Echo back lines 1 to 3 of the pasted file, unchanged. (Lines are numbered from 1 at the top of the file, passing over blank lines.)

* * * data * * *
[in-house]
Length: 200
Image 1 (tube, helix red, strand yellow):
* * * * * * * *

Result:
[in-house]
Length: 200
Image 1 (tube, helix red, strand yellow):